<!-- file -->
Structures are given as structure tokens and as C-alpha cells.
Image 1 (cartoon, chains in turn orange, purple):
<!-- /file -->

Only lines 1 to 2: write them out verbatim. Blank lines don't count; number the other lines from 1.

Structures are given as structure tokens and as C-alpha cells.
Image 1 (cartoon, chains in turn orange, purple):